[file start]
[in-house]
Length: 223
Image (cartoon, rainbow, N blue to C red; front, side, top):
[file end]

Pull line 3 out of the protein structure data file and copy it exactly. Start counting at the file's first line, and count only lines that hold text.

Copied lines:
Image (cartoon, rainbow, N blue to C red; front, side, top):